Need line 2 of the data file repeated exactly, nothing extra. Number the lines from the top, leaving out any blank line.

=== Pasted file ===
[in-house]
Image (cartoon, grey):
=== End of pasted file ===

Image (cartoon, grey):